She had a smile that entered the room long before she did and a heart that knew no limits. My husband’s aunt, who, by the time I became a member of the family, lived hundreds of miles away, was always someone I knew of. Declining health prevented her from meeting our youngest son, her one visit with our older two a mere few hours.
I had only spent a short time in her physical company, but the idea of Irene has always been profound; and her passing last week has left a palpable void and reminded me of something I thought I already knew.
If I had to guess, I don’t think Irene understood the impact she had on me. And that wouldn’t be her fault. It would be mine. Because I never told her. I never picked up the phone and called her, never wrote her a letter. I sent photos of the children, always made sure I sent a Christmas card; but beyond that I was remiss.
I never told her how beautiful I thought she was, how incredibly brave, how the story of her life is the stuff of fiction. She lived many lifetimes in the one she was given, weathered losses that would have easily felled others. I never made an effort to be sure she knew her great-nephews despite geographical hurdles.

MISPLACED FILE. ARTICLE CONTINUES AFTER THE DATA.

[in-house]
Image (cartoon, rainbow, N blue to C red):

And just as resplendent flowers tend to arrive more prolifically after a person has died, the ardent words that would better have been spoken and written in life, suddenly appear with a vengeance: Obituaries overflow with positivity, letters of condolence seep with evocative praise. And the person who has left departed none the wiser.
So I’m left today wondering why: Why I did not stop the wheels of progress regularly to tell Irene what I thought–that she was kind and beautiful and brave? Why I let days turn to weeks and months, years and decades without a word, now having to join the legions who are compelled to relegate praise to sentences written in the past tense?
Why did I wait until today to tell the world about Irene? Why did I not do better when I clearly knew better?
Why do any of us?